This would bring their take home up to 3000 johns

Info icon This preview shows pages 15–17. Sign up to view the full content.

benefit, then Sally could increase her benefit to $1,000 (50% of John's benefit) as a spousal perk. This would bring their take-home up to $3,000 (John's $2,000 plus Sally's $1,000) every month. What about benefits for someone who is divorced? A divorced person is entitled to spousal benefits from Social Security if the marriage lasted at least 10 years and they remain unmarried. Benefits for a divorced spouse also are not available until age 62 and they are reliant upon the ex-spouse being fully insured. There are also certain benefits for survivors of a deceased person who was covered by Social Security. According to the SSA's December 2017 Monthly Statistical Snapshot, retirement benefits comprise 73.5% and survivor benefits comprise 9.7% of all benefits paid. The remainder is paid to Social
Image of page 15

Info icon This preview has intentionally blurred sections. Sign up to view the full version.

Security Disability recipients. You can monitor the current Statistical Snapshot here if you are interested. (Links to an external site.)Links to an external site. Q: Bill reached his NRA six months ago. He is now 66 1/2 years old and has decided that it is time to retire from his job of 25 years and file for Social Security benefits. He is fully insured. His wife, Alex, is 60 years old and she has not worked for the last 3 years while taking care of her mother. What are Alex's options relative to Social Security filing? A: She must wait until she reaches at least age 62 before she can file for spousal benefits Q: Jeremy and Becky divorced 5 years ago after a hot and cold 25-year marriage. Jeremy remarried last year. Becky never remarried. They are both 64 years old, and Jeremy has already filed for Social Security benefits. His new wife is also receiving spousal benefits against his employment record. What are Becky's options? A: She can file for spousal benefits now. Survivor Benefits Death is a fact of life. It is a door that we will all walk through someday, although some people leave us far too soon. Social Security has a built-in safety mechanism to help people in need who have experienced the loss of a parent or spouse under certain circumstances. The first benefit available to the surviving spouse of a fully insured worker is a whopping $255 one- time lump sum payment. The idea is to help defray burial costs, but this small dollar amount will not offset too much of the expenses from a funeral home. Still, it is a nice idea. The real benefit for the surviving spouse is that they will be eligible for full spousal retirement benefits as if the worker were still living. The full benefit is available to the surviving spouse once they have reached their NRA. They can also receive a reduced benefit as young as age 60 (not 62) or as young as age 50 if they are disabled. Another layer of benefit for the surviving spouse will apply if they are also caring for a minor child of the deceased worker. The child must be eligible for dependent children’s benefits and be either younger than age 16 or be disabled themselves. If a surviving spouse is caring for a dependent child of the deceased, then the surviving spouse is eligible to receive spousal benefits at any age as long as the requirements on the child remain met.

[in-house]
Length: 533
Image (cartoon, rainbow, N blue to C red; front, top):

Image of page 16
Image of page 17
This is the end of the preview. Sign up to access the rest of the document.
  • Spring '14
  • VOSS,JAMESA
  • Cash balance plan

{[ snackBarMessage ]}

What students are saying

  • Left Quote Icon

    As a current student on this bumpy collegiate pathway, I stumbled upon Course Hero, where I can find study resources for nearly all my courses, get online help from tutors 24/7, and even share my old projects, papers, and lecture notes with other students.

    Student Picture

    Kiran Temple University Fox School of Business ‘17, Course Hero Intern

  • Left Quote Icon

    I cannot even describe how much Course Hero helped me this summer. It’s truly become something I can always rely on and help me. In the end, I was not only able to survive summer classes, but I was able to thrive thanks to Course Hero.

    Student Picture

    Dana University of Pennsylvania ‘17, Course Hero Intern

  • Left Quote Icon

    The ability to access any university’s resources through Course Hero proved invaluable in my case. I was behind on Tulane coursework and actually used UCLA’s materials to help me move forward and get everything together on time.

    Student Picture

    Jill Tulane University ‘16, Course Hero Intern